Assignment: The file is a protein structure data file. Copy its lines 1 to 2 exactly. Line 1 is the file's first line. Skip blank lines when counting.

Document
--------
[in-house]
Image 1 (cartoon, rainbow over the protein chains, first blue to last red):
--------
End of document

[in-house]
Image 1 (cartoon, rainbow over the protein chains, first blue to last red):